What to do if a migration is Completed With Warnings
Published Oct 29 2020 09:23 AM 28K Views

Here is your next installment in the troubleshooting hybrid migrations blog series! See:

There are 2 main flavors of "completed with warnings" scenarios when onboarding mailboxes from Exchange on-premises to Exchange Online. While these warnings can happen in offboarding scenarios, that is rarer than seeing them during onboarding. We gathered some examples for onboarding migrations and will discuss these here.

The migration batch / move requests will typically have a status of “CompletedWithWarning” and you might see a warning similar to the following in the Exchange Admin Center Migration pane:

Warning: Unable to update Active Directory information for the source mailbox at the end of the move. Error details: An error occurred while updating a user object after the move operation.

As mentioned several times by now in this blog series, to dig deeper into the details of the move, you would get move request statistics for the affected user with IncludeMoveReport switch, from Exchange Online PowerShell and then import it and store it in a variable:

Get-MoveRequestStatistics <user> -IncludeMoveReport | export-clixml C:\temp\EXO_MoveReqStats.xml 

Issues you’d see on-premises

If we fail to convert the source mailbox into a remote mailbox (fail to cleanup things on source after mailbox has been moved to the cloud), as result of this failure we may end up with 2 mailboxes for the same user (one on-premises and a migrated one in the cloud.)

Example from $stats.Report.Entries:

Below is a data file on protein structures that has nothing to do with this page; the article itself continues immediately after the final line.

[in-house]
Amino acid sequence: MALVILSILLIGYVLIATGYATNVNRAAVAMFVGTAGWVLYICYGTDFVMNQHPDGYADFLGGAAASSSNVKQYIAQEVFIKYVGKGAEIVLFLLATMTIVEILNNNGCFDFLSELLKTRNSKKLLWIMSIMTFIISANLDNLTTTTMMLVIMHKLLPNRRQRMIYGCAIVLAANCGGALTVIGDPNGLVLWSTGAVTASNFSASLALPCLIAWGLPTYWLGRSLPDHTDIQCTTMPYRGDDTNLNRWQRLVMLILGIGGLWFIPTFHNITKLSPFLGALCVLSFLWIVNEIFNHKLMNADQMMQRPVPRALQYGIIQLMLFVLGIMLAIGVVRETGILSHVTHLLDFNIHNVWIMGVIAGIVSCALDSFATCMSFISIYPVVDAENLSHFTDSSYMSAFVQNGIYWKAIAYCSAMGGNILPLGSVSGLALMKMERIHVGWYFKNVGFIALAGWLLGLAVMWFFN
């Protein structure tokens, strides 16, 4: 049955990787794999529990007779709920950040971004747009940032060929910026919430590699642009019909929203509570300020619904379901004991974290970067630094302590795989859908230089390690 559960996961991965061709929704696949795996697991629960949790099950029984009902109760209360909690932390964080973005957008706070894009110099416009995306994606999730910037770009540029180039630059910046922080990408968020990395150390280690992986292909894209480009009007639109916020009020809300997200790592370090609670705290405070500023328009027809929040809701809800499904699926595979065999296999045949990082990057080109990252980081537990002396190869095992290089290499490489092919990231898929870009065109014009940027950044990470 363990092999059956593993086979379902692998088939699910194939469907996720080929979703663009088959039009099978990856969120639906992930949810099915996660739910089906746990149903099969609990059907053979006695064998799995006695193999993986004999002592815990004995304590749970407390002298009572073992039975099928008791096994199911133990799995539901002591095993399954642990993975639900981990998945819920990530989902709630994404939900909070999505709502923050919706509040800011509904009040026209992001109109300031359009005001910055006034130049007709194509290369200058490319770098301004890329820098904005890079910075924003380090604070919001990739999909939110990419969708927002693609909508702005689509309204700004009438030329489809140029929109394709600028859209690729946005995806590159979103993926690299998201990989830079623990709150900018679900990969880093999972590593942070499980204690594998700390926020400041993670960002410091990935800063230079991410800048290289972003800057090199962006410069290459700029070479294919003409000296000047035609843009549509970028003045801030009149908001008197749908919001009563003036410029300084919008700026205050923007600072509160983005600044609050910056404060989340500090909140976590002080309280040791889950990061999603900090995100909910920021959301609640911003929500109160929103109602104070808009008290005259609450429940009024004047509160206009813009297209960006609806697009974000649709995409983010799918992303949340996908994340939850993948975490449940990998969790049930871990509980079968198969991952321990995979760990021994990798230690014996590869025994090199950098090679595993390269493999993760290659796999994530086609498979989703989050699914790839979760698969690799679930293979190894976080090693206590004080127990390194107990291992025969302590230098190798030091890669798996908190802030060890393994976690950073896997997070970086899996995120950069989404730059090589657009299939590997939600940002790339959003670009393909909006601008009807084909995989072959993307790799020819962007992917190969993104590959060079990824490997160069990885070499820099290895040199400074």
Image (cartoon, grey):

Failed to convert the source mailbox 'contoso.onmicrosoft.com\4019d389-dcc6-4a77-a19c-e49408e7a160 (Primary)' to mail-enabled user after the move. Attempt 17/480. Error: CommunicationErrorTransientException.
31.08.2020 11:47:42 [AM5PR0102MB2770] Post-move cleanup failed. The operation will try again in 30 seconds (18/480)

If the source AD user is not correctly updated into a remote mailbox during an onboarding move to Office 365, you would need to follow this KB article to manually disable the mailbox on-premises and convert it into a remote mailbox.

Depending on the time period the two mailboxes coexisted (which results in content being different in these two since migration completed) you would eventually need to restore the content of the disconnected mailbox on-premises to the migrated cloud mailbox (for restore cmdlet see Step 1.7 from this article). Another option is to export it to PST before disabling it and importing the PST into the target mailbox using the Outlook client or using the Office 365 PST Import Service.

Issues you’d see in Exchange Online

It can happen that a database failover occurs in the completion phase of the migration while unlocking the target mailbox in Office 365 (this is a rare case and we have an automatic task that ensures the mailbox is unlocked and would allow us to access the target mailbox.) If this happens, we expect the source mailbox to be converted successfully into a remote mailbox.